Across the UK, there are more than 637,000 participants now involved in public health research into the effects of and treatment for Covid-19.
Research studies have been essential in rapidly building up an understanding of the virus, how it spreads, as well as potential treatments and vaccines, and in the past eight months the UK has been on the forefront of recruiting public participation into these trials and studies.
In June, the number of UK participants involved in Covid-19 research was around 100,000. Now, it sits at 637,379.
The unprecedented speed and scale of recruitment to these trials has allowed for the development of life-saving treatments for Covid-19 hospitalised patients, including for example the recently-announced findings that arthritis drug tocilizumab can be effective in treating the sickest Covid-19 patients.
UK-based studies have also played a pivotal role in some of the world’s most promising vaccine candidates, including a number whose initial results around vaccine effectiveness have already been published.
Widespread recruitment is part of the reason these rigorous clinical trials have not only been able to publish initial findings so promptly, but also be in sufficient position to support the Medicines and Healthcare products Regulatory Agency (MHRA) to be confident in the quality, safety and efficacy of the Pfizer/BioNTech vaccine – which it approved for use within the UK.
Three large-scale vaccine studies have been rolled out in the UK over recent months, with tens of thousands across the country participating, while a number of other promising new vaccines are also confirmed soon for delivery.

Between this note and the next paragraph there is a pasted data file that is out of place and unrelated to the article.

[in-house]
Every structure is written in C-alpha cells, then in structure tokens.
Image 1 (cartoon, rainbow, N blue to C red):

Health Secretary, Matt Hancock said: “I want to thank every single person – from staff members to participants – who have taken part in this research. Everyone’s involvement has provided a vital link in the chain to help us better understand this virus and I am confident we will find a resolution through the ingenuity of science.
“The scale at which research into treatments for Covid-19 has taken place in the UK is unparalleled, and the determination for the country to come together to beat this virus is extraordinary.
“We understand this virus infinitely more than at the start of this pandemic and each of us must continue to look at what role we can take. By coming together and using our scientific prowess, we will prevail.”
Since March, 73 urgent public health studies into Covid-19 have been set up to investigate a range of potential treatments, vaccines and observational studies to learn more about the disease, as well as research into new diagnostic technology.
NHS hospitals have played a vital role in delivering studies at pace and scale, enabling hospitalised patients to benefit from the latest Covid-19 treatments, in addition to helping tens of thousands of people gain early access to vaccine candidates through trials running across the country.
Chief Medical Officer for England and co-Lead of the National Institute for Health Research (NIHR), Professor Chris Whitty added: “The willingness of the UK public to participate in Covid-19 research has been inspiring.
“Science is the only way out of this pandemic. It will find new ways to prevent and treat the virus, and this will allow us to gradually return to normal life. This science cannot happen without those who volunteer to take part in research.
“The National Institute for Health Research, as part of the wider UK research infrastructure, has been key to the UK’s success in delivering research with actionable findings, which have had an impact on the treatment of Covid-19 patients in the UK and around the world.”